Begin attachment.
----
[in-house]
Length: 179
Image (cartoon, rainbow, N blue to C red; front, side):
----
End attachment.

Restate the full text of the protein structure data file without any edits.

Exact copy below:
[in-house]
Length: 179
Image (cartoon, rainbow, N blue to C red; front, side):